Widely regarded as the best excursion for Jacques Tati's alter ego Monsieur Hulot, this whimsical comedy builds on the work of American silent stars like Charlie Chaplin and Buster Keaton, to produce a French variation on the art of slapstick.
Taking a vacation at the seaside resort of Brittany, confirmed bachelor Monsieur Hulot creates unintentional havoc among the hotel guests with his well-meaning but terribly clumsy antics.
A mime turned filmmaker, Tati possessed a great sense of visual comedy. There's little dialogue in "Monsieur Hulot's Holiday", mainly because the writer-star-director is more interested in sight gags, sound effect jokes, and the inimitable mannerisms of his hero.
As with all the best slapstick, Tati's theme is the cruelty of the physical world. Nothing in "Monsieur Hulot" acts quite how it ought to. Every object has a mind of its own - from the canoe that folds in half while being rowed, to the foxskin rug that attaches itself to Hulot's foot - and each appears to be intent on causing as many pratfalls, bumps and bruises as possible.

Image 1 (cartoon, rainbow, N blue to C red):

In his later films - like the excellent "Playtime", in which Hulot is let loose in a high-tech Paris - Tati took this theme to its logical conclusion, turning it into a pointed comment on the mechanized modern world and the individual's precarious place in it. But in "Monsieur Hulot", there's an acceptance of these problems as an inevitable fact of existence.
Hulot may be a clown, but he's a happy one. Unlike the majority of his fellow guests, he's intent on enjoying his holiday and making sure that everyone else does too. It's this grace under pressure that makes Hulot such a lovable character and "Monsieur Hulot's Holiday" the best film of Tati's far from prolific career.